Now that property, listed on the rental website VRBO with “Frozen” and “Avengers” themed rooms geared toward families visiting nearby Disney World, is rarely empty.

Davies is concerned the more difficult it is to obtain a rental license, and with the city’s separation requirement between short-term residential rentals, people are going to side-step local laws and operate short-term rentals unlicensed and off the radar, she said.


Short-term rentals have proved controversial in the past in neighborhoods or buildings where renters become a nuisance to other residents. The city regularly receives complaints about people operating unlicensed short-term rentals, usually because of “incidents involving party houses,” city spokesman Jace Radke said.

Councilwoman Lois Tarkanian, who represents Ward 1, has been hit particularly hard with complaints, which she’s been receiving for a long time, about “party houses,” she said.

“I’ve gotten complaints where two little girls looked out their second-story window and saw a couple having sex by the pool at the rental,” Tarkanian said. “And I’m not a fuddy-duddy, necessarily. But you have to respect the residents that make up the core of our community. You can’t walk all over them.”

Tarkanian doesn’t object to individual property owners who are trying to responsibly rent out a room to supplement their income, but has seen issues with companies owning properties and operating short-term rentals without regard for the other property owners, she said.

“My concern is about the person who owns a home in the neighborhood,” she said.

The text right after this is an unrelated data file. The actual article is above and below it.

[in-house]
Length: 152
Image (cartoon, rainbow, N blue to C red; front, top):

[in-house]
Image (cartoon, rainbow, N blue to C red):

Tarkanian suggested a special-use permit process be put in place so property owners who want to operate short-term rentals need to have their particular property approved by the council. Tarkanian said she will likely try again get that approved, but acknowledged that would likely trigger a lot of complaints.

“Then a person who knows the neighborhood well could check to see if it’s an appropriate place,” Tarkanian said.

Local governments have taken different approaches in dealing with short-term residential rentals. In places with thriving tourism economies, such as the Las Vegas Valley, deciding how to regulate residential rentals can get even more complicated because of concerns about creating more competition for existing hotels and resorts.

In unincorporated Clark County, short-term rentals under 30 days are barred in residential areas, county spokesman Dan Kulin said.

The city of North Las Vegas, meanwhile, doesn’t have a short-term rental ordinance on the books.

Similar to the city of Las Vegas, San Francisco requires short-term rental operators to obtain a business registration certificate.

Airbnb last month sued the City by the Bay after its Board of Supervisors decided to fine the company $1,000 a day for each unregistered host on the site.

Davies wants to operate her short-term rental the “right way,” unlike those who are doing so unlawfully without licenses “because they don’t care or they don’t know better,” she said.

“It’s an emerging industry,” Davies said. “We need to talk to each other, make reasonable regulations and enforce them. And make it easy to be licensed. Not months.”

Contact Jamie Munks at jmunks@reviewjournal.com or 702-383-0340. Find @JamieMunksRJ on Twitter.